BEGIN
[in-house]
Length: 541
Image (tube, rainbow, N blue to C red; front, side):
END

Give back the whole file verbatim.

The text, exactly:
[in-house]
Length: 541
Image (tube, rainbow, N blue to C red; front, side):